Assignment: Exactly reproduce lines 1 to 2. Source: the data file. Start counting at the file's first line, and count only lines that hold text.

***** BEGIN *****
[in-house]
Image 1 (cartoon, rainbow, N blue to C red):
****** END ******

[in-house]
Image 1 (cartoon, rainbow, N blue to C red):